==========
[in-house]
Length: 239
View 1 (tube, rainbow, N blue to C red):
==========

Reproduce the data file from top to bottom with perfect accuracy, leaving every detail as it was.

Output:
[in-house]
Length: 239
View 1 (tube, rainbow, N blue to C red):